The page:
Democratic Solution

The visit of Union Minister of State for Home Affairs, Sri Prakash Jaiswal on Thursday, October 20 to review the blood let arising out of the ethnic violence in Karbi Anglong District and that after almost three weeks only goes to show the complete neglect towards the Northeast region by Power Centres in New Delhi. The Dimasa-Karbi ethnic flare-up has already left many dead and countless injured with many innocent victims now left to survive in refugee shelter camps across neighboring areas. 

What has baffled most people though is the lack of government initiative both by the local administration and the political leadership of the Tarun Gogoi led Congress Party. If at all the State Government has any iota of concern it should take immediate remedial steps to contain the situation from further exploding. Both the Central and the State governments’ should help restore normalcy, punish the guilty, and also help in constituting people’s peace committees comprising members from both the Dimasa and Karbi communities so as to restore mutual trust. 

The entire chain of genocide along ethnic lines is most unfortunate and while intelligence reports point towards a turf war between the armed outfits of the two communities, common people from both side of the divide are skeptic about such a theory and blame certain ‘external forces’ for being responsible. The involvement of vested interest individual, groups or parties therefore cannot be ruled out. All this calls for an independent inquiry commission so that people at least can come closer to the truth. 

For a long term solution though, much needs to be done in order that the impending issues of nationality, ethnicity and cultural identity that have dogged this volatile region is properly assessed and addressed.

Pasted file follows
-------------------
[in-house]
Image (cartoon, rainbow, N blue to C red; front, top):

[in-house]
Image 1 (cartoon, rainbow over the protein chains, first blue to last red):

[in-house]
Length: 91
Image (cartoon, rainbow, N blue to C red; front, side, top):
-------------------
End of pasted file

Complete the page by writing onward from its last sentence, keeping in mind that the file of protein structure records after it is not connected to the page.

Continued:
There is no simple mechanical solution to the problems such as the one prevailing in strife torn Karbi Anglong district. Several factors conjure up; the uneven economic development and neglect of the hinterlands; failure in devolution of powers into the grass roots; denial of ethnic and cultural aspirations of the people. Further in the Post-1947 accession continuing governments sitting at New Delhi had approached the issue with shortsightedness by creating devices of constitutional arrangements for either a degree of self governance or special economic assistance. Neither seems to have effectively worked owing to lack of resources, little real powers, absence of public participation and the lack of political will in properly implementing such autonomy packages. 

The ethnic question is very complex in the northeast in general and Assam in particular and needless to say the indigenous communities have perpetually experienced the problems of land alienation, poverty, indebtedness, and severe unemployment, and economic exploitation, cultural and political repression. To add to these woes is the retrogressive nature of the present day middle class leadership dominating the landscape of Assam politics. People’s right to traditional land, forest, language, script, culture, economic development and political autonomy deserve better understanding from the powers that be. What is required in this particular context is a democratic solution more then anything else in order that sustainable peace and development is restored in this region.